“All our hedges expired for 2015, and you move into 2016, and there’s a reset for everyone back to the market,” said Tom Szlosek, chief financial officer of Honeywell International Inc.
The maker of industrial goods ranging from aircraft engines to gas detectors locked in hedges for the euro at $1.10 this year, said Szlosek, whose treasury team reports to him monthly on currency movements. The euro rose 0.7 percent to $1.1030 as of 10:13 a.m. New York time.
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Last year the company offset about 85 percent of its euro exposure at $1.24, limiting the hit from foreign exchange to 10 cents of full-year earnings per share, which was $6.04. This year, the lower hedge level means foreign-exchange effects may reduce annual earnings by as much as 15 cents a share, he said.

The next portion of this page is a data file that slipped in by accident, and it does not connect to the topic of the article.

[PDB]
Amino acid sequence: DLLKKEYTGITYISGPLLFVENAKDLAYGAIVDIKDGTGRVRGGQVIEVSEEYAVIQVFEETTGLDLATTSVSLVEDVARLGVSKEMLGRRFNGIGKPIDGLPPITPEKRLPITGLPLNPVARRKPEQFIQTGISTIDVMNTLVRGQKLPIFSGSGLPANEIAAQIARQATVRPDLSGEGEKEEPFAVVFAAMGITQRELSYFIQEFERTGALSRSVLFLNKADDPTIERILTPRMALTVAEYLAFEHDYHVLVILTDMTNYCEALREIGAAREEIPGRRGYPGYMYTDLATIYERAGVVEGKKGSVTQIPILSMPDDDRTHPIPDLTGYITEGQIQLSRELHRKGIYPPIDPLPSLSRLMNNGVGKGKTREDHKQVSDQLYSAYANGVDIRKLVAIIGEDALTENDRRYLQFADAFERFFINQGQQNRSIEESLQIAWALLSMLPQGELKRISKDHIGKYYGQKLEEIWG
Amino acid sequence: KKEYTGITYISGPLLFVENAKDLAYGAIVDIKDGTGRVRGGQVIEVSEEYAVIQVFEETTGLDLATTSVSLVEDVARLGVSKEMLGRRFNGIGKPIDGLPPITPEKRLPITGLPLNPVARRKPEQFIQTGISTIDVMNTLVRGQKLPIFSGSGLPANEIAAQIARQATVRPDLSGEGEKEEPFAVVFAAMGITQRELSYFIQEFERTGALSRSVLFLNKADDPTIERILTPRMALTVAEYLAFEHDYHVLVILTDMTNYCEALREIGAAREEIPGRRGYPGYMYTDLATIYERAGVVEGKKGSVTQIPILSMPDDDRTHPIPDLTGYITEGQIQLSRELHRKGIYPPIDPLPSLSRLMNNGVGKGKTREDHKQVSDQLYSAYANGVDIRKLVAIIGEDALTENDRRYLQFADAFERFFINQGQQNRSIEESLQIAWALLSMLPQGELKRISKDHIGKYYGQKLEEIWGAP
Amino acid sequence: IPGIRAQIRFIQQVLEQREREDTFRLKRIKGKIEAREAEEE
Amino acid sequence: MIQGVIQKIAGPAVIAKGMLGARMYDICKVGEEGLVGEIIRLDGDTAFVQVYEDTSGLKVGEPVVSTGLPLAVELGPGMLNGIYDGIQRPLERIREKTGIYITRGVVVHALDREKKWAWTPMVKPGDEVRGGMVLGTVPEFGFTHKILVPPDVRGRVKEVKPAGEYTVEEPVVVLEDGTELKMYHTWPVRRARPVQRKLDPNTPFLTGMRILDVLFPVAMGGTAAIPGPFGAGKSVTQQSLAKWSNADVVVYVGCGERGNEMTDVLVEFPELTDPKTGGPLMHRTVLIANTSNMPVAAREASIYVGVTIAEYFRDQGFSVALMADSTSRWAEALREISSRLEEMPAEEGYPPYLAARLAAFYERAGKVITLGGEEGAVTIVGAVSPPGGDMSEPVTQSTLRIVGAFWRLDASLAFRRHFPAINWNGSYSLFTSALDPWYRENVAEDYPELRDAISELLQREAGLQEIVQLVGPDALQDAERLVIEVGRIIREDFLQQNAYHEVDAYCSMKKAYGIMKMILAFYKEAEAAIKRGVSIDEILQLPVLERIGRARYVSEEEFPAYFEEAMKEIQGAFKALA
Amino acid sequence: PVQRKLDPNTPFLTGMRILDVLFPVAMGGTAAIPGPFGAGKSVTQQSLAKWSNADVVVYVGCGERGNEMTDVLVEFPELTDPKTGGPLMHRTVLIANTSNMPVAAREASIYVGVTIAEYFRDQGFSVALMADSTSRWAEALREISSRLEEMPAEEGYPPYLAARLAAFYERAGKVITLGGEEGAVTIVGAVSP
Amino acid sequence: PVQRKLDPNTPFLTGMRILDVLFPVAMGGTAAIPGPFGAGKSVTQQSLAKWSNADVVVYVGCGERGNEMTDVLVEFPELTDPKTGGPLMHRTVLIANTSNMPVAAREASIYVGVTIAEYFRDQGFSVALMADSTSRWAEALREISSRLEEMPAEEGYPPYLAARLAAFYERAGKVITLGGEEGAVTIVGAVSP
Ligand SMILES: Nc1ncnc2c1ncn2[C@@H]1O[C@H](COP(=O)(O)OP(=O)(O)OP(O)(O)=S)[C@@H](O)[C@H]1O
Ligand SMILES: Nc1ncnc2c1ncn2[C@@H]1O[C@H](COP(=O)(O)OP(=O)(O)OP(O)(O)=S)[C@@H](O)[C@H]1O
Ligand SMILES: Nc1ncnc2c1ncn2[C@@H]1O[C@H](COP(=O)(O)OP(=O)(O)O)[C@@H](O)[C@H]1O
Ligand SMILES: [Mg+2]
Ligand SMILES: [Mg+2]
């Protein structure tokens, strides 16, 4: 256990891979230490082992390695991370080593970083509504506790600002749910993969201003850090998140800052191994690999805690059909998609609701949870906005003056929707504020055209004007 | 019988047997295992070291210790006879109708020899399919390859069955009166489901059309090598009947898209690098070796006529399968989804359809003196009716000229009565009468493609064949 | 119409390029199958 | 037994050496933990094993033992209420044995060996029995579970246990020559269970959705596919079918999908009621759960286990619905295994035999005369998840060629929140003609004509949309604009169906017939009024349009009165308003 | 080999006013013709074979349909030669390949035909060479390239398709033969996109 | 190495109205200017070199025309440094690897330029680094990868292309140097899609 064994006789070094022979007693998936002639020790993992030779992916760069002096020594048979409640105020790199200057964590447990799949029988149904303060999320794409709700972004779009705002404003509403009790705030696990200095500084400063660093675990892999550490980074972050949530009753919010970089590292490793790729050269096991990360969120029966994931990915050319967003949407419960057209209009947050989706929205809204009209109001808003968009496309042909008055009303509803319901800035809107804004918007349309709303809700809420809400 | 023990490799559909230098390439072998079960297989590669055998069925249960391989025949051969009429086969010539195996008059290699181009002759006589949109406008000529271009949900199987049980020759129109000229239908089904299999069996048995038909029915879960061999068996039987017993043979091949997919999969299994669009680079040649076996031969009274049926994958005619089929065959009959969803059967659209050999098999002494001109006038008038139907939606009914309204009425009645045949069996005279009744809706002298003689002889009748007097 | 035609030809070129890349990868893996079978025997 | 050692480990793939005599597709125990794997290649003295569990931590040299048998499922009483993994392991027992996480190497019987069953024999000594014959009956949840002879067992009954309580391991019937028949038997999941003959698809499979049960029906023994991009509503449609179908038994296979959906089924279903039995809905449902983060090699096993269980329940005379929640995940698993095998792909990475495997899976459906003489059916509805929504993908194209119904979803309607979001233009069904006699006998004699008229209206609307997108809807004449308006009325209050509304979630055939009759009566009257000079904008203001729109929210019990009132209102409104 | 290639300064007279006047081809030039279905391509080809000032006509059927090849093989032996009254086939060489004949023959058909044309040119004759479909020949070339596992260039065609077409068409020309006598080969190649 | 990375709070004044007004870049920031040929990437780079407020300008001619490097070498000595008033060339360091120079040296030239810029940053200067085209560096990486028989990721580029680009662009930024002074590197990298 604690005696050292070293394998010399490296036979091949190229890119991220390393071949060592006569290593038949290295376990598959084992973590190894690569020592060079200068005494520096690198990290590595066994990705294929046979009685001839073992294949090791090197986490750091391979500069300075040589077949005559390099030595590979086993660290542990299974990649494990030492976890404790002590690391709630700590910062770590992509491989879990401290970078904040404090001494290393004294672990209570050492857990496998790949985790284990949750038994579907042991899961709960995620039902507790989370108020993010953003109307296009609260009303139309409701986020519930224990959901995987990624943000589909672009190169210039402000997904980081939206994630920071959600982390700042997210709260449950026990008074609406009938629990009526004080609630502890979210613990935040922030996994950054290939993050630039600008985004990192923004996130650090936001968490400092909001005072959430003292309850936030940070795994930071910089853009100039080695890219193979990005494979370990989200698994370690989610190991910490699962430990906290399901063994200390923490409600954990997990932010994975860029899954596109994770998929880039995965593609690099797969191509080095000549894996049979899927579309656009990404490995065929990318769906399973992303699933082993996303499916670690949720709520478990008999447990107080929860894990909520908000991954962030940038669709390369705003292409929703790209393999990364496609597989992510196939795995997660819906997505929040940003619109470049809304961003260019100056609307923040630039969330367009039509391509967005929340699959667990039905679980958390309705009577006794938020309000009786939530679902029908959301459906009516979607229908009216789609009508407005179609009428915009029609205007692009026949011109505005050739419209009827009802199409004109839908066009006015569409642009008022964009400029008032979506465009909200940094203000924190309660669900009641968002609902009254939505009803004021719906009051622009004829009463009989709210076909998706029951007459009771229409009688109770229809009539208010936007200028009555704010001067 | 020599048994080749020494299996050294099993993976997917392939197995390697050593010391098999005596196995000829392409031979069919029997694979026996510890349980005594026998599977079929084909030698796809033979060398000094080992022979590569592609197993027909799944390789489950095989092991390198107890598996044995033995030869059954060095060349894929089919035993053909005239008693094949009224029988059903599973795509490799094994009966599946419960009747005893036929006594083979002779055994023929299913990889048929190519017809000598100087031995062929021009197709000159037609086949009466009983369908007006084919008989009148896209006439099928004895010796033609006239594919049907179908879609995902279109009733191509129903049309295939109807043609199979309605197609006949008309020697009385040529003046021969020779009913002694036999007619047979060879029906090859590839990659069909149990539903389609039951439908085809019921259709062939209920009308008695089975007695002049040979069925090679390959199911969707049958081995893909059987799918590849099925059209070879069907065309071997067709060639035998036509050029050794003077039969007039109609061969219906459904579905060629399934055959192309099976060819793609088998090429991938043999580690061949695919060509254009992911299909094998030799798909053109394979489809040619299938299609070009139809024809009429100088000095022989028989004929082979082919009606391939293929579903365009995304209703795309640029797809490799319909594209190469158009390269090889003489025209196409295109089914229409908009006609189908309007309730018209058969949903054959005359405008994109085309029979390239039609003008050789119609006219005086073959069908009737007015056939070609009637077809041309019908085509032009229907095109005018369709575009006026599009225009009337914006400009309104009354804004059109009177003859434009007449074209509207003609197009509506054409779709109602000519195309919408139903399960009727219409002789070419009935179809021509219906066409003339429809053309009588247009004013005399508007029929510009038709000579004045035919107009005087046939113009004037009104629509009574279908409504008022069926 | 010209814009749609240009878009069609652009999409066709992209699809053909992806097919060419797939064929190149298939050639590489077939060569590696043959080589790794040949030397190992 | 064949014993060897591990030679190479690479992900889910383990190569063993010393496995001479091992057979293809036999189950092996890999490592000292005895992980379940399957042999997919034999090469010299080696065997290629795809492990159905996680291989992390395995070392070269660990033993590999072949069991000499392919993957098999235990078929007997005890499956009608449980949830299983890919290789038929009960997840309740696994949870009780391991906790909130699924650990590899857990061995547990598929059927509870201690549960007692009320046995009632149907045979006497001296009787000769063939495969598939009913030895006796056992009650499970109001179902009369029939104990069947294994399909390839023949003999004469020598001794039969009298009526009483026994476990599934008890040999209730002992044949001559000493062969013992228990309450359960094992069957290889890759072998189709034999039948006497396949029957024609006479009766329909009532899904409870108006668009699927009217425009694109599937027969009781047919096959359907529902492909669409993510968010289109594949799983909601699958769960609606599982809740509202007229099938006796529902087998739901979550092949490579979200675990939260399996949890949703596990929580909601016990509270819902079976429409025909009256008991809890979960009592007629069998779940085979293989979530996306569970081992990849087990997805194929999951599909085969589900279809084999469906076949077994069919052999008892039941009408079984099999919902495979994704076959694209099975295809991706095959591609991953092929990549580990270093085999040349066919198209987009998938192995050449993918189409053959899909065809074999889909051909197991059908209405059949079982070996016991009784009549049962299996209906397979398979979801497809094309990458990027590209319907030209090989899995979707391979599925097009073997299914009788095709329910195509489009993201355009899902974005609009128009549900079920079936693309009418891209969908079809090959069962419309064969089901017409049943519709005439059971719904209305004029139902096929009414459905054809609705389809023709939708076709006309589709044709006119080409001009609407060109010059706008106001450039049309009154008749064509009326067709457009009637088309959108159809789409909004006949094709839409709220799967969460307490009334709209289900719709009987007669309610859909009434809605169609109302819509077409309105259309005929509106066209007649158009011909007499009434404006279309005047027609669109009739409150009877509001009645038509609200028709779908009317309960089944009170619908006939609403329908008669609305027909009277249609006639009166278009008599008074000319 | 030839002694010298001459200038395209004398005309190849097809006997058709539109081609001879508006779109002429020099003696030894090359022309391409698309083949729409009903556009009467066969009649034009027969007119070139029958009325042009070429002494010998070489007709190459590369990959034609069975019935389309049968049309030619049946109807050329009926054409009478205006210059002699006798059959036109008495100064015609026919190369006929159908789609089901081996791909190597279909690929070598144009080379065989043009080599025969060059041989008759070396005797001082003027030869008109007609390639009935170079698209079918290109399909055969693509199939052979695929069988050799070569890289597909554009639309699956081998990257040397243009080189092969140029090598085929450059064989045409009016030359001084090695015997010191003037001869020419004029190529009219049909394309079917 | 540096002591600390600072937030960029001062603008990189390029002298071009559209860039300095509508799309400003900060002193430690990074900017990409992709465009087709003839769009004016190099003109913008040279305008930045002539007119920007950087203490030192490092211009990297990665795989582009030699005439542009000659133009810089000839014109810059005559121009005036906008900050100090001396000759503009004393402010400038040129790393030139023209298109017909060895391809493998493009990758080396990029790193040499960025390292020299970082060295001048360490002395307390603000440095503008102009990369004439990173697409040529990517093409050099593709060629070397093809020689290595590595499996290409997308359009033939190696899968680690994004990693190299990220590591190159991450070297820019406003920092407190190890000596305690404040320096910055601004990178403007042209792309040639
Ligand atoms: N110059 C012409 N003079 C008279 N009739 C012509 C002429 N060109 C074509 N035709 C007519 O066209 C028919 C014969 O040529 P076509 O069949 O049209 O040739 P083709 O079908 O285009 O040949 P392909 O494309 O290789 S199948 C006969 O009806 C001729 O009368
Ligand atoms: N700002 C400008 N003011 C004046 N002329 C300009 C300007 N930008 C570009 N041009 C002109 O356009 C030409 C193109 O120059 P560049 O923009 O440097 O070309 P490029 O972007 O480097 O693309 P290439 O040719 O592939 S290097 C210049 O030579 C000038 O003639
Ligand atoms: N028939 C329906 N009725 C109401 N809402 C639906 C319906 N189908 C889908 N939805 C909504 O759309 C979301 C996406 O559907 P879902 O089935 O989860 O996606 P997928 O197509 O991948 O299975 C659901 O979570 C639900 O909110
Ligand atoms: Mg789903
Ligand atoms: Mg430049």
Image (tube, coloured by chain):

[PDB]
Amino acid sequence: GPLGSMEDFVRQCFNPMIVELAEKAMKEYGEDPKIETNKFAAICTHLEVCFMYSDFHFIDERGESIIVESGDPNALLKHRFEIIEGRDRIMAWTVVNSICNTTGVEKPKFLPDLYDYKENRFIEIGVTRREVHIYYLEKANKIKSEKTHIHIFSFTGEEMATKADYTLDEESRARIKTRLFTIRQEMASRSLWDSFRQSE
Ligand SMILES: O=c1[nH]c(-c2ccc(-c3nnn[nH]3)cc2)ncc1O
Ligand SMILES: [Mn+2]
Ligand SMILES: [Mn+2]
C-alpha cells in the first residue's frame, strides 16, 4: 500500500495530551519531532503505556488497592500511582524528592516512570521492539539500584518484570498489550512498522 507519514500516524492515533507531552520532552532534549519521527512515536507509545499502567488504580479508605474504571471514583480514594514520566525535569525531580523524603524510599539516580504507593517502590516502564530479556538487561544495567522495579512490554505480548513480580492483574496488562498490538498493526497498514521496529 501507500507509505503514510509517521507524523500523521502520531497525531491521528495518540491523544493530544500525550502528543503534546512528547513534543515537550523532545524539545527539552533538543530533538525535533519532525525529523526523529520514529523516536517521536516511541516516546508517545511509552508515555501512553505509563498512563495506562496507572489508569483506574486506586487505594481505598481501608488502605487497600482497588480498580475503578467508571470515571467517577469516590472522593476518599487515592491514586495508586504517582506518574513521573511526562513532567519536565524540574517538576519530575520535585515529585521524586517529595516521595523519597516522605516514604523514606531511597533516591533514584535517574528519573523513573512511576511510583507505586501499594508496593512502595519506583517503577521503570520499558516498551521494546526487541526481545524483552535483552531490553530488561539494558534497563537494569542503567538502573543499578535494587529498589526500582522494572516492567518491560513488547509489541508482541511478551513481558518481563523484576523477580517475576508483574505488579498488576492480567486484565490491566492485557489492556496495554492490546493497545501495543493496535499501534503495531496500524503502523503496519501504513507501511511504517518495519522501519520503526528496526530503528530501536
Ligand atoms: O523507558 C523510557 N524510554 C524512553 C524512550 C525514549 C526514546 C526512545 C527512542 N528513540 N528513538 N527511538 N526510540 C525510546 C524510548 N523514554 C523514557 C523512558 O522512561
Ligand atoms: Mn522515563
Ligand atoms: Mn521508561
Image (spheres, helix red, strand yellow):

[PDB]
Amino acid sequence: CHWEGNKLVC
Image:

For Marriott, dollar strength will probably reduce the fees it collects for managing hotels by $30 million this year because about a quarter of this year’s estimated $2.02 billion in fee revenue will come from outside the U.S., Oberg said.
The company uses forward contracts to manage its exposure to the yen, euro, pound and Canadian dollar, because they’re the most actively traded currencies and cheapest to hedge. These contracts cover about one-third of foreign revenue from hotel management fees.
Hedges in 2015 helped keep the decline from foreign exchange at $32 million of fee revenue, said Oberg, who declined to say at what level Marriott has hedged for 2016.
“The currencies did move farther than I think people expected,” she said. “So, it was very helpful to have the hedges.”